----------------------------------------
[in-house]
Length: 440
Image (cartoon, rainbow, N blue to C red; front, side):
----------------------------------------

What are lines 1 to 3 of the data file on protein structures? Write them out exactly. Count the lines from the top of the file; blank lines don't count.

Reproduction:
[in-house]
Length: 440
Image (cartoon, rainbow, N blue to C red; front, side):